• M. Tavares, S. Dattagupta, R. Sofia. Relative Distance Measurement with NSense. 2017.11
    We have carried out a set of experiments with our middleware NSense installed on three devices and carried by three different individuals. Each experimental scene involved 2 devices (e.g., User1 to User2 or User3 to User1 readings) positioned in different locations, indoor or outdoor, on the same floor or in different floors, within and without LoS.
  • M. Tavares, P.Mendes, R. Brito. Nearness and Interests Traces. 2017.04
    This experiment has been carried out with the COPELABS sensing middleware NSense in the context of an experiment performed with psychology students, in two different institutions, where the purpose was to study interest influence in psychological proximity. NSense has been installed in Android smartphones carried by a population of 50 students of the two different universities, numbered User1 to User50. The students carried NSense around during their daily routines, for 2 days: 05.04.2017-06.04.2017. The readings obtained show a total of 15 students out of the original universe of 50.
  • S. Firdose, L. Lopes, W. Moreira, R. Sofia, P. Mendes. Data concerning social interaction and propinquity based on wireless and bluetooth. 2017.01.27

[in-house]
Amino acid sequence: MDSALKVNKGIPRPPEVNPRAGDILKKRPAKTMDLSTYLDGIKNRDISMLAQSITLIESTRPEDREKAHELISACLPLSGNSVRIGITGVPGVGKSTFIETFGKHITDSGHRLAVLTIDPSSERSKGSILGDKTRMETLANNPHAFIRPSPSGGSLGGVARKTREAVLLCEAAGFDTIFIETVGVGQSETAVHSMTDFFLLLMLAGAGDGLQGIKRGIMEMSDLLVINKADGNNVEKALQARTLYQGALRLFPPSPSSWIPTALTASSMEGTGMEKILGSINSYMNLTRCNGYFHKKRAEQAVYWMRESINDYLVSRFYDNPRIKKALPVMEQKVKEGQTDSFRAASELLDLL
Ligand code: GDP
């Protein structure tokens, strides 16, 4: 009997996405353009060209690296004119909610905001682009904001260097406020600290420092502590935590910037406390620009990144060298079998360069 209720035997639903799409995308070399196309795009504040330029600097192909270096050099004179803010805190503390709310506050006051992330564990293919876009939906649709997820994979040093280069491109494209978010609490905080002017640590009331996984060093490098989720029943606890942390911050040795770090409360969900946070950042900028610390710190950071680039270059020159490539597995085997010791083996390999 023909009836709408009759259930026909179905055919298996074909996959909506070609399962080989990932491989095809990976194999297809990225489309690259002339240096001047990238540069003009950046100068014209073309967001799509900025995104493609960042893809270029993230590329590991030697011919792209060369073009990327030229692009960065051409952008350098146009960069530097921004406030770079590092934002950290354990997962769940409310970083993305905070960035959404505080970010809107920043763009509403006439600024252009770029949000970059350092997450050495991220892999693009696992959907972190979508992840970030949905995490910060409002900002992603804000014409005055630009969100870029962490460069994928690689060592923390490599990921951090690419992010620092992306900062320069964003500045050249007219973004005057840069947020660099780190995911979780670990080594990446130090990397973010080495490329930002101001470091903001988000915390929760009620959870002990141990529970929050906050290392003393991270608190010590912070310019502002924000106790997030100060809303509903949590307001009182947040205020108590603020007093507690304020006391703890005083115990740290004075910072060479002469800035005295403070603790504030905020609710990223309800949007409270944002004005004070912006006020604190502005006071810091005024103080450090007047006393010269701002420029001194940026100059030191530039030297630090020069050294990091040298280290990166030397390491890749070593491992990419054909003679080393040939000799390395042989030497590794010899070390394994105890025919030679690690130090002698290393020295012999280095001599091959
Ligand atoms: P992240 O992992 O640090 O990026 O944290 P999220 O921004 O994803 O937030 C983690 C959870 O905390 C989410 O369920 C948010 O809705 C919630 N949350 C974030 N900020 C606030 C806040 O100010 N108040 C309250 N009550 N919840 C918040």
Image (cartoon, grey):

This dataset comprises experiments carried out with the open-source middleware NSense (fomerly named as USense), available at https://github.com/COPELABS-SITI/NSense. The data has been collected based on four sensors: bluetooth; Wi-Fi; microphone; accelerometer. NSense then relies on four different pipelines to compute aspects such as relative distance (Wi-Fi); social strength (based on bluetooth contact duration); sound activity level; motion.
  • S. Firdose, L. Lopes, W. Moreira, R. Sofia, P. Mendes. Data concerning social interaction and propinquity. 2016.03.17
    This data set comprises experiments carried out considering four Android devices, each named Usense 2, 3, 4, and 5, respectively. These devices were carried by people sharing the same affiliation during their daily routines (commuting between home and office, going to leisure activities, attending meetings in the office). All the data was collected each and every one minute.
  • Saeik Firdose, Luis Amaral Lopes, Waldir Moreira, Paulo Mendes and Rute C. Sofia, NSense traces, social interaction and propinquity analysis, 2015